The Jazz.com Blog
June 20, 2009 · 1 comment
It’s hard keeping up with arnold jay smith. In addition to covering the Jazz Journalist Association awards gathering, he managed to attend the ASCAP Jazz Wall of Fame ceremony on the same evening. His report is below. T.G.
The American Society of Composers Authors and Publishers (ASCAP) presented its annual Jazz Wall of Fame induction ceremonies fittingly at Jazz at Lincoln Center’s Allen Room on June 16. As always it was a warm gathering of friends and relatives of the honorees, not to mention the family of jazz.
The room itself overlooks Central Park and as the natural light faded into twilight and we were bathed in the glow of ever-greening electric ones, and the gigantic photo of King Oliver’s Creole Jazz Band with Louis Armstrong, Lil Hardin, Kid Ory, and the Dodds brothers loomed over us. The photo is the backdrop for ASCAP’s Jazz Wall in their offices.
There are two sets of inductees picked by the troika of lyricist Alan Bergman, bassist John Clayton and arranger Johnny Mandel. One set is posthumous, the other living legends. In addition, there are Young Jazz Composers awards and a Jazz Wall of Fame Prize. This year Anat Cohen, who earlier in the day was awarded Best Clarinet at the Jazz Journalists awards, won the latter. (See report here.)
Each living honoree played for his/her supper, as it were. The departed had others play for them. As one would expect, everyone was at the peak of form. The proceedings were hosted by current ASCAP president Paul Williams, who thought of himself as being unhip. Later he ad-libbed Lord Buckley saying that he felt “like the Naz up here.” Hipness comes in unexpected wrappings.
Among the more elegant speakers was Dan Morgenstern who introduced and presented the award to Cohen. She played a personal tune called “Purple Piece” with her quartet. When asked the title, it appeared that she had just thought of it. Jazz is still the sound of surprise. The most unusual instrumentation of the evening was lead by awardee violinist Regina Carter. An Italian violin, a French accordion and an African kora were the instruments for the selection, which was African in origin. Multiplicity thy name is jazz.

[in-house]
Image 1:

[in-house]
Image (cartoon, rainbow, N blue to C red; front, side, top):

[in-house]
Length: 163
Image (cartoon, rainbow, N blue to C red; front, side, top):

After Randy Weston’s group, sans rhythm –piano, alto and tenor sax and trombone—played yet another interpretation of his “Hi-Fly,” Weston stood at the podium and gently yet emphatically delivered his sermon-cum-lecture on the diversity and origins of all music, if not all human life, Mother Africa, and how we all need to understand and appreciate that fact. Church-like, the Allen Room was silent throughout his dissertation. Not a soul uttered a word nor moved towards him to curtail the lengthy oration. When he was finished we rose and cheered. (You may read a gist of what he said on OctoJAZZarians profile.)
I hasten to say that Johnny Mandel did not choose himself. ASCAP past president Marilyn Bergman said that it was an oversight finally adjusted that this giant of a player, arranger and composer is raised to their Jazz Wall. Karrin Allyson played and sang a lesser-known Mandel tune called “Little Did I Dream.” His acceptance speech was brief but humble.
Joe Lovano and Eddie Palmieri musically represented John Coltrane and Tito Puente. Lovano, a devotee of Trane’s, played the saxist’s “Central Park West” as Clayton in his intro urged us to glance out the multistory window at that so-named avenue as the music wafted over us from within. Palmieri, who enjoyed a close personal friendship with Puente, introduced TP’s famous “Piccadillo” with a long, rambling abstract piano solo finally releasing the tension with the refrain. Then he led us en clave through the improv choruses.
The best was yet to come. Radio station WBGO’s Music Director Gary Walker briefed us on the gestation of vocalese and its primary progenitors: Lambert, Hendricks and Ross, all honored this night, Dave Lambert posthumously. He was taken from us in 1966 in a tragic accident on I-95, as he was being a Good Samaritan helping a stranded motorist change a tire. Annie Ross and Jon Hendricks keep the genre alive singing, separately and together, the tunes L-H-R created from famous instrumentals.
“Hendricks and Ross tore the Allen Room apart and left us in shambles,” someone was heard to say. Opening with their copyrighted version of Count Basie’s “Every Day (I Have the Blues),” Annie segued into her version of Wardell Gray’s “Twisted.” Jon moved in with “Cloudburst,” the tune that has been recorded by every vocal ensemble in the world from Manhattan Transfer to the Pointer Sisters and sampled by hip-hoppers and rappers. Even the Flaming Pizzarellis have a tune-on-tune arrangement. There are printed scores for schools. H & R wrapped it up with another Basie fave a very up “Jumpin’ at the Woodside.”
Early the next morning I called Hendricks on another matter. He sounded still breathless from the night before. Seems they repaired to Ross’s regular Metropolitan Room gig and did more L-H-R into the wee small. Jon muttered something like “Davey would have loved being [in the Allen Room], man.” He was Jon; he was.
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